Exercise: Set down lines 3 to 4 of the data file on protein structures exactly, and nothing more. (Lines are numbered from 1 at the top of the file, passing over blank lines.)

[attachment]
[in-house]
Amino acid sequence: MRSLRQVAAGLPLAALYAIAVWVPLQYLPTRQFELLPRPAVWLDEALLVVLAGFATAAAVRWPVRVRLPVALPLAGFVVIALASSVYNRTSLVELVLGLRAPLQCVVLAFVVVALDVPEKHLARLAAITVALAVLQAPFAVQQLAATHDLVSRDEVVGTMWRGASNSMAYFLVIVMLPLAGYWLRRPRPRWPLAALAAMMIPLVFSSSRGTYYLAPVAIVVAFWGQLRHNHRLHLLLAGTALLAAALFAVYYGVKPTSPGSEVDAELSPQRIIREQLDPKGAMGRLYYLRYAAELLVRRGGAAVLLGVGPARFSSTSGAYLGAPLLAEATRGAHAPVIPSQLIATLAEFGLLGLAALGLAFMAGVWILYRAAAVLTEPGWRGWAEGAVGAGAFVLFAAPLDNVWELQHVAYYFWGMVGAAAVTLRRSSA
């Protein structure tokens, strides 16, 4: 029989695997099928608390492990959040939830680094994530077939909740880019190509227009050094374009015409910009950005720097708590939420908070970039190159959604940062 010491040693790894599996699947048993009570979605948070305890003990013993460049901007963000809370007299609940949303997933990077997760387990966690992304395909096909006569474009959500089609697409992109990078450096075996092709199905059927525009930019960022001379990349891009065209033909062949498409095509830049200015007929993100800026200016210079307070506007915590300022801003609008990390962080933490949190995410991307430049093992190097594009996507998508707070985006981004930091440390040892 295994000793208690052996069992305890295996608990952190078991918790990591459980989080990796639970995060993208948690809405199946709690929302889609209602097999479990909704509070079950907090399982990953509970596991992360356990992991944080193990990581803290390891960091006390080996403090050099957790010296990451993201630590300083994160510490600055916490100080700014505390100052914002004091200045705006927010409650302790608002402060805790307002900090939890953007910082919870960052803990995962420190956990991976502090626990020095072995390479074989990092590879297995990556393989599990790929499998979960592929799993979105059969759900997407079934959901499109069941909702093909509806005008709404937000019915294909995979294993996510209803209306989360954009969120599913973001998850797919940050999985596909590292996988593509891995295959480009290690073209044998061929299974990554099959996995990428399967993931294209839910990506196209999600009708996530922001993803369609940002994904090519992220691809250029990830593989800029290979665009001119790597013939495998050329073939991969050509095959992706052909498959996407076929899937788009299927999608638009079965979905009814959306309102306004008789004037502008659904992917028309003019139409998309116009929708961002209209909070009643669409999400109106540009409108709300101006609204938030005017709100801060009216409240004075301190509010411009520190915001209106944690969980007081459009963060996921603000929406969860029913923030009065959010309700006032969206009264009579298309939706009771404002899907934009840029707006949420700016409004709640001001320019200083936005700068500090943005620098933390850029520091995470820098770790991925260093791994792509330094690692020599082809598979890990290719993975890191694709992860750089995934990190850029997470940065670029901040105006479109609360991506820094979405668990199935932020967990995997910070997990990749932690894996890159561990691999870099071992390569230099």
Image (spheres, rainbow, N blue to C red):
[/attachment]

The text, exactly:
């Protein structure tokens, strides 16, 4: 029989695997099928608390492990959040939830680094994530077939909740880019190509227009050094374009015409910009950005720097708590939420908070970039190159959604940062 010491040693790894599996699947048993009570979605948070305890003990013993460049901007963000809370007299609940949303997933990077997760387990966690992304395909096909006569474009959500089609697409992109990078450096075996092709199905059927525009930019960022001379990349891009065209033909062949498409095509830049200015007929993100800026200016210079307070506007915590300022801003609008990390962080933490949190995410991307430049093992190097594009996507998508707070985006981004930091440390040892 295994000793208690052996069992305890295996608990952190078991918790990591459980989080990796639970995060993208948690809405199946709690929302889609209602097999479990909704509070079950907090399982990953509970596991992360356990992991944080193990990581803290390891960091006390080996403090050099957790010296990451993201630590300083994160510490600055916490100080700014505390100052914002004091200045705006927010409650302790608002402060805790307002900090939890953007910082919870960052803990995962420190956990991976502090626990020095072995390479074989990092590879297995990556393989599990790929499998979960592929799993979105059969759900997407079934959901499109069941909702093909509806005008709404937000019915294909995979294993996510209803209306989360954009969120599913973001998850797919940050999985596909590292996988593509891995295959480009290690073209044998061929299974990554099959996995990428399967993931294209839910990506196209999600009708996530922001993803369609940002994904090519992220691809250029990830593989800029290979665009001119790597013939495998050329073939991969050509095959992706052909498959996407076929899937788009299927999608638009079965979905009814959306309102306004008789004037502008659904992917028309003019139409998309116009929708961002209209909070009643669409999400109106540009409108709300101006609204938030005017709100801060009216409240004075301190509010411009520190915001209106944690969980007081459009963060996921603000929406969860029913923030009065959010309700006032969206009264009579298309939706009771404002899907934009840029707006949420700016409004709640001001320019200083936005700068500090943005620098933390850029520091995470820098770790991925260093791994792509330094690692020599082809598979890990290719993975890191694709992860750089995934990190850029997470940065670029901040105006479109609360991506820094979405668990199935932020967990995997910070997990990749932690894996890159561990691999870099071992390569230099």
Image (spheres, rainbow, N blue to C red):